About a week ago I posted all our "unschool plans" kinda an oxy moron....for the beginning of the year. Of course it is totally okay to have plans, but those plans are always flexible. Extremely flexible.
I was talking to my dear Hubby a day or two after I wrote up my plans. I told him I dreaded subtraction. Samantha doesn't like it. She doesn't want to learn the facts. His reply? "Doesn't she know HOW to subtract?" "Yes." "Then don't do it."
So it was decided. We are skipping math this semester. Because that is how us no-schoolers roll. Makes me sound like a bad parent doesn't it? Yea. It does. Go ahead and say it. That's okay. For those of you who see things from my perspective, you know why we are doing it this way. But seriously, what is she truly learning when I force feed her math facts and make her regurgitate them on the spot just because I want my friends to see how fast she is or because I want to make sure she is "up to par" with other kids? She is learning to hate math even worse than she does now. (Truth is, I think she only hates math because I messed up when she was little. At 2 years old, she was better with letters than she was with numbers. When her PAT teacher would come to the house, she would bring math games instead of reading because "She does enough reading with you. She doesn't like math because she isn't good at it. She needs to start doing more math." So, after that, I began talking all about how Samantha isn't good at math. "She doesn't like math. She needs to work on math more." Then I would try to force her to learn more about math. So sad when I look back because I remember trying to make her count bears and do flashcards with numbers because I was worried she would get behind-at 2 and 3 years old! I would get so frustrated and think that she was playing me. But she wasn't. She has a terrible time getting ahead of herself and that can be a real problem when you are doing math. To this day she still messes up when she counts. So relentless practice doesn't even help in this situation. It makes it worse. What I should have been saying to others in front of her was this. "Samantha loves to read. We love to focus on her strengths and what she enjoys." And to her I should have said, "Oh! Math is so fun! I love to count, but if you prefer to read, that is great too!" But I didn't. And the more she realized math came hard to her, the more I forced it upon her, the more frustrated she got. And some days she would be in tears.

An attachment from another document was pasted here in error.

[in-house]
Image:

Does it teach S she doesn't have to do things just because she throws a fit? I don't think so. (She never threw a fit to begin with.) I think it teaches her that I am attentive to what she needs. Her mind isn't ready for it. Besides, why does she need to be so fast right now? She isn't a computer. She needs to be taking this time as a child to practice thinking for herself. Besides, in a few years she will have more experience with numbers and adding in her own head will become cake. Just like doing Algebra in my head is cake now. Granted, numbers are my specialty, so she may never get that far, but addition and subtraction-absolutely. Without a doubt in my mind. I know 100% that forcing her to do math will do infinite more damage than her not knowing her math facts at barely 6 years old. She is supposed to just now be in Kindergarten for Heaven's Sake! And another point, if she has as hard of a time in math the rest of her life as she does now, she obviously won't choice a career path that requires it. And if she does, well, at least there is some motivation to learn it!
For now we will just focus on what pertains to our own lives. I am currently deciding what I want to learn about. S is still engrossed in her art. And J is still engrossed in his coding. I'd say a little off the path of the new "common core." ;) But learning all the same.